My name is Raphaelle. I am a girl and I am French.

A few years ago I moved to Amsterdam, and became an expat with all the things that come with it. I can’t really explain it but there is something stirring inside of you soon as you leave your country. You compare all cultural things between your home country and the new one. And part of it, is food and cooking.

The Dutch way of cooking & eating is very different from what I grew up with. Here food is meant to keep you going: lunch will keep you working till the end of the day and diner is at 6pm so you can go do something else in the evening.

I was raised in quite a different way. Cooking is a way to express yourself, be creative, explore and show your family how much you love them. Eating is more than just eating, it’s about sharing quality time with your loved ones.

To be quite honest, it’s probably due to the “culture shock” that I started experimenting in the kitchen. I had to fill the gap, and my first goal was to “food-initiate” my boyfriend and then his family and my Dutch friends.

To encourage you, I created this blog and kindly asked my boyfriend Dennis to participate in each of the post.

Dennis grew up eating barely anything out of the classic Dutch kitchen, so French cooking presents some challenges (think about blue cheese…). In “The Dutch boyfriend’s opinion” column he will share his tasting-experience, his view on the cooking process and finally he will rate the dish.

Good luck with trying new things !




28 thoughts on “About

    • Hi Francesca,

      Thank you for your lovely note. Weird though about the following button. There should be a following button on the up left hand corner (well that’s were I see it in my browser ; ) ). Let me know if you have it, if not I will have a more in details look to solve this problem ; )

  1. Great blog concept! I too am an expat (now living in Sweden, but raised in Australia)… I have found that culture, climate & seasonal differences (eg Christmas in winter) have all affected the way I cook/eat/entertain here, but desire to share food with others in a warm and casual manner (what I grew up with) has not left me 🙂 And it sounds like your sensibilities have not left you either. Looking forward to following your journey 🙂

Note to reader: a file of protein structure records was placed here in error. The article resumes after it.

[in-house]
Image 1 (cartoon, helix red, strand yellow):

• Thank you for your lovely note, it feels really good reading that you have been through the same cultural step than I. Leaving abroad is a great experience and you get to learn so much from it! So glad you shared your thoughts : ) Can’t wait to read more from you.

  2. Hello Raphaelle, thank you for dropping by my blog! It’s lovely to be able to read your “About” section and to learn a bit more about the person behind the comment. I love the inspiration behind your blog and I wish you all the best as you continue your delicious journey in your new home!

    Bon courage!


    • Merci Stephanie! Je viens de me rendre compte que tu parles aussi Francais alors autant en profiter. Merci pour etre venue faire un tour su mon blog egalement. Raphaelle

    • Hey Mila,

      Thanks for passing by 🙂 Really nice of you to say as well! My favourite cooking season of the year is coming up so you cna expect more recipes on the blog soon. xxx – R

  3. Unfortunately you are right about Dutch food culture, but I am one of the exceptions. I actually host big dinner parties with 16 friends at a time to try and impart some of my love for food and wine.

    • It’s awesome and sounds like a lot of fun. Your friends are very lucky! And I didn’t meant to be rude regarding the Dutch food culture – it is more that experience a culture chock 😉 I am sure they are more exceptions and to be honest I have the impression that this is slowly starting to change and that Dutch people are starting to cook a bit more.

      • I was not offended at all — I agree with you about the general Dutch food culture and just wanted to point out that there are some small patches of green grass in the otherwise dry desert 😉 I hope the new food market in Rotterdam will turn out to be a success. The problem is that good quality produce is regarded as a luxury item here, and often more expensive than in Italy or France.

  4. That’s exactly what I think too! A lot of things are considered like a luxury here so it’s either you buy the crappy food from the supermarket or you spend double amount of money on good quality product (which is so different indeed than in France..).

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